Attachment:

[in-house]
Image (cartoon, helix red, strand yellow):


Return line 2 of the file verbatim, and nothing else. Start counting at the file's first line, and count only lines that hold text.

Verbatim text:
Image (cartoon, helix red, strand yellow):